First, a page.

Circle Summary: Reach Employees’ Hearts Through Their Ears with Professional Podcasting

Webinar featuring Integral’s media production expert George Faulkner and CEO Ethan McCarty

Chances are at some point this year, in addition to asking yourself, “When will all of this go back to normal?” you’ve thought, “Since when did podcasting get so big?”

Podcasting has become ingrained into our daily routines. Whether you’ve received a targeted ad for a podcast about a TV show you just watched, have a friend who picked up podcasting as a hobby during quarantine, or are one of the millions of listeners of the NYT’s podcast “The Daily”, it appears podcasting is here to stay, and for good reason. 

Integral sees podcasting as one of the most effective (and easiest) ways for company leadership to authentically engage with their employees, so we held a webinar to discuss why podcasting should be on your team’s goal list for 2021 and how to successfully implement it.

George Faulkner, an expert on all things media and a consultant with Integral, and our CEO Ethan McCarty, cover everything from the biggest challenges producers face, to how to go from amateur host to expert interviewer.

The webinar is about 45 minutes long, and while it really is worth the listen, we’ve summarized some of the highlights below for you:

1. Don’t let equipment & production skills deter you from jumping in. 

George says your laptop can do 3/4ths of the job for you. Editing skills can be taught quickly, and done on free services such as Audacity. But Ethan and George do recommend investing in solid mics, such as the Blue Yeti.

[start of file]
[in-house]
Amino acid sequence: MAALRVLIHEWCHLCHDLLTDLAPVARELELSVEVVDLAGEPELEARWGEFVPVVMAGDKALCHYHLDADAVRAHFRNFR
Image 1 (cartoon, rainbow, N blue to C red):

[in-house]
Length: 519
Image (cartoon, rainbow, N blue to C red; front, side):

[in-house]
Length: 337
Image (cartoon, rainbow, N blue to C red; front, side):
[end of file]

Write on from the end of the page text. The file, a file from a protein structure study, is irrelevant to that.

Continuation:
2. Measuring success requires looking at the right metrics.

Instead of looking at how many total listens your podcast gets, look at how many listen in its entirety. George says the true sign of a winning episode is the amount of people who stay to the end and how many return later to listen again. 

3. There is no average sweet-spot of frequency or duration.

A few viewers asked how often a company should produce internal podcasts and how long they should run. George said it really depends on two things: how long it takes you to produce a pod from start to finish, and how long you can discuss the topic without losing focus in the conversation yourself. 

If you were to take away any advice from their discussion, let it be this note from George: produce the art and content you feel passionate about, and your audience will feel that authenticity, too.

Mary Grace Scully
Associate Client Manager
Mary Grace is a communications and content enthusiast who thrives off of developing authentic relationships with teammates and clients.

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